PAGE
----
Record crowds at January 26 events

2017 kicked off with record crowds at Survival Day/Invasion Day events around Victoria. Share the Spirit and Belgrave Survival Day experienced record crowd numbers and the Invasion Day Rally in Melbourne experienced an unprecedented crowd for a rally of its type, estimated by some to be close to 50,000. The inaugural Reconciliation Comedy Gala fundraiser was also a sellout.

Reconciliation Victoria Council and staff members attended events on the day and in the lead up to Jan 26 we provided advice to local government and community members around how to approach 26th January respectfully. We encouraged local councils and organisations commemorating the day to recognise the honoured place of Aboriginal and Torres Strait Islanders in our nation's history, to be sensitive to the feelings of Aboriginal people who see the day as one of mourning, and to see the day as an opportunity to promote understanding, respect and reconciliation.

Read our protocol on respectfully commemorating the day.

Read a sample of the conversations below as well as our Reflection Piece on 26th Jan here.

Photo: John Weeks -  Belgrave Survival Day.

For more images from Belgrave Survival Day visit Barbara Oehring Photography


It was a full house at the Malthouse Theatre on 26 January for the Reconciliation Comedy Gala, hosted by Uncle Jack Charles and Judith Lucy. This wonderful afternoon of comedy and entertainment was a fundraiser for the City of Yarra’s Stolen Generations Marker, a permanent outdoor artwork to honour the struggles and resilience of the Stolen Generations.
 
The Stolen Generations Marker and surrounding garden is being developed in partnership between Aboriginal and Torres Strait Islander communities and Yarra City Council. It  will be designed by an Aboriginal artist and located in the heart of Aboriginal Fitzroy. The Maker is expected to be completed in November 2017, to commemorate the 20 year anniversary of the Bringing them Home Report.
 
If you missed the Reconciliation Gala but would still like to support the Stolen Generations Marker, you can make a tax deductible donation here

 


 

It may be behind us but there was so much robust discussion and creative responses to January 26 that we thought we’d share some of them with you here. As champions of reconciliation in your community we encourage you to share widely.


The Guardian view on Australia day:
"Change the Date"

“Many of our people call it Invasion Day … to many Indigenous Australians, in fact, most Indigenous Australians, it really reflects the day in which our world came crashing down.”  

Mick Dodson

Read the full article in The Guardian

"The day I don't feel Australian? That would be Australia Day."


"The disconnect I feel on the January 26 is not a rejection of my mother’s history. Rather, it is a rejection of the privileging of one version of history at the expense of another. I simply cannot be part of the collective amnesia that sweeps the nation on January 26 each year. This amnesia is evidenced in our current prime minister choosing the arrival of the First Fleet as the 'defining moment' of our national identity."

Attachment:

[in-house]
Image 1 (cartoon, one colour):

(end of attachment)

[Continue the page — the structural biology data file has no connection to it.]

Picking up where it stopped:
Chelsea Bond, Senior Lecturer, Aboriginal and Torres Strait Islander Studies Unit (ATSIS Unit), The University of Queensland.

Read the full article in The Conversation

 

 

"Sometimes Australians say silly things to avoid discussing the big black elephant in the room. Chris Graham, in New Matilda, provides a simple list of rebuttals."

Read these rebuttals in New Matilda

 


"Every year on 26 January I wonder a bit about how I am going to refer to the day, Invasion Day, Survival Day or Day of Mourning? Over the years I have referred to it as all of these, and I think the choice I make reflects a bit about the mood I am in at that time, where I am at in life, and where Australia is in general."   

"There are times we need to protest. Other times we need to breathe, and to celebrate that we are still here despite the obstacles we have overcome and those we still face. And at other times we just need to mourn, and to heal."
Luke Pearson, NITV

Read the full article by Luke Pearson

 
NITV explored Indigenous perspectives on what 26 January means for many, acknowledging our history and our survival, and encouraging more Australians to understand that Australia always was and always will be Aboriginal land.
View here.

Amy McQuire, from New Matilda, helps you dip your toe in the water of the real history of this nation.
View here.

Much more has happened on this date beyond Arthur Phillip claiming Aboriginal land under the British Empire. Reflections on some of the important historical moments. Luke Pearson and Sophie Verass.
View here.

"I can only conclude from all this that changing the date would be little more than celebrating the invasion and genocide of Indigenous people on another day." Celeste Liddle, Eureka Street.
View here.

Why We Must Stop Celebrating Australia Day on January 26 – Warren Mundine
View here.